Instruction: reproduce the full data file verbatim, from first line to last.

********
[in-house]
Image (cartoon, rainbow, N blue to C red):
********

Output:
[in-house]
Image (cartoon, rainbow, N blue to C red):